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October 27, 2017

Bowditch going digital

Grant Welker Bowditch & Dewey managing partner Robert D. Cox Jr., left, with Sam Sendrowski, the firm's new technology innovation manager.

It’s an old stereotypical scene: a lawyer carrying a briefcase stuffed with files into a courthouse, or poring through a pile of documents preparing for a case.

A 103-year-old Worcester law firm Bowditch & Dewey, those scenes will soon be more or less a thing of the past. The firm is going paperless, and that includes giving attorneys tablets to use in court, and getting rid of dozens of filing cabinets worth of legal files in Bowditch & Dewey’s Main Street offices.

“That’s the trend,” said Robert D. Cox Jr., a new managing partner whose duties include overseeing the new digital efforts. “I’m about looking to the future.” 

Looking to the future can be easier for some companies than others. Law firms aren’t exactly tech companies – they focus on winning cases or advising clients. But Bowditch & Dewey sees a modernization of its technology as part of a larger effort that will also include a new website and updated logo. 

“We really need to go paperless in order to do everything we need to do,” said Sam Sendrowski, the firm’s technology innovation manager, who was hired in July. 

Cox, an environmental lawyer with more than three decades at Bowditch & Dewey, is the firm’s new managing partner as of Nov. 1. He helps lead the company’s hiring efforts and is coordinating with Sendrowski on the digital efforts.

Going paperless is enough of a trend for law firms the American Bar Association has a page on its website devoted to the effort, including tips and answers to common ethics questions.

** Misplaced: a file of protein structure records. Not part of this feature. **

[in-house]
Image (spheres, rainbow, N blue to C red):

Bowditch & Dewey is eliminating nearly all of its filing cabinets that had been a ubiquitous presence in the offices for decades. So far, about 20,000 boxes of paper files stored on site have been removed.

The extra space opens room for more offices, and a library once filled with books on state laws will be overhauled into a more general-use space as part of the firm’s unrelated ongoing renovations. The firm is going floor-by-floor to update to a brighter, more modern look.

Paperwork on old legal cases will be scanned into searchable files, making archival searches far easier. Attorneys now work off tablets, not briefcases of files, when in court.

Data security is a primary concern, said Jason Matthew, Bowditch & Dewey’s director of information services.

“We stay up-to-date with best practices and partner with outside vendors who provide multiple layers of protection to safeguard against potential threats and continually assess our protocols,” Matthew said. 

In the meantime, Bowditch & Dewey is hiring more lawyers at a time when far fewer graduates are coming out of laws schools. The firm, which has offices in Boston and Framingham, has a total of 60 lawyers, up about eight from two years ago, and 120 employees in all. 

Bowditch & Dewey sold its 65,000-square-foot building at 311 Main St., known as the Central Exchange Building, to Cliff Rucker, the owner of the Worcester Railers. The sale was completed last December for $2.8 million. The firm said its renovations were negotiated as part of a lease agreement.

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